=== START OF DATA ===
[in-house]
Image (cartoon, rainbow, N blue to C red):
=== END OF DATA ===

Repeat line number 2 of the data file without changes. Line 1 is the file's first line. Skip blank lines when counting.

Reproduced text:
Image (cartoon, rainbow, N blue to C red):